[lltx] pattern loading in luatex

Stephan Hennig mailing_list at arcor.de
Mon Mar 7 13:56:45 CET 2011

schrieb Taco Hoekwater:
> On 03/06/2011 02:24 PM, Stephan Hennig wrote:
>> Let me put it this way:  In LuaTeX, the top-level data structure to
>> organize the patterns of a language is still a trie, with additional
>> data attached (fall-back transitions) that make the trie behave like a
>> finite state automaton.  Would that be wrong?
> It depends on how you see the word 'trie': there is nowhere in luatex
> a data structure that looks like an actual trie. The algorithm of course
> uses a prefix test as the first step, but it checks for a key in a
> hash instead of walking a tree.

OK, I was assuming word decomposition still worked by walking a tree and
the hashed keys are the (multi-byte) Unicode characters triggering a
transition at a certain state.

> I am not too good in explaining this, but you can look at
> luatexdir/lang/hyphen.w for the actual details.

I have already looked at the libhnj sources, but honestly, I'm not good
at reading code and even worse in languages I rarely use myself.  But
nevertheless, I'm interested in knowing a bit more about the actual
algorithm used in LuaTeX.  (I have coded a trie based hyphenation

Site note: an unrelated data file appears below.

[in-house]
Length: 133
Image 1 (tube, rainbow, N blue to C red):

algorithm in Lua.)

By "instead of walking a trie", do you mean LuaTeX uses a trivial
approach where the existence of all patterns potentially matching a word
are checked individually?  As an example, for a word "abc" iterations
are as follows:

  iteration  new character  existing patterns to check

    1          a              a

    2          b              b

    3          c              c

That would be a quadratic order word decomposition algorithm instead of
the linear trie based algorithm.  I don't think word decomposition were
a bottleneck even with such trivial approach, but still ...

After another thought:  in the trivial approach there's no need for
fall-back transitions.  So I wonder what fall-back transitions are good
for, if you're not walking a tree?

>> BTW, am I correctly assuming that the reason for switching from a packed
>> array data structure to a hash is that the former only works as long as
>> the keys (characters) are from a finite range.  Which is the case for a
>> 7 or 8 bit character encoding.  But with Unicode characters this is
>> (practically) not the case?
> Mostly. A secondary reason is that the original routines converted the
> trie into a 'compressed trie', after which point it became immutable.
> We did not like that, it is quite handy to be able to add new \patterns
> (for other languages) on the fly, and changing the existing code would
> have been quite a lot of work.


Best regards,
Stephan Hennig

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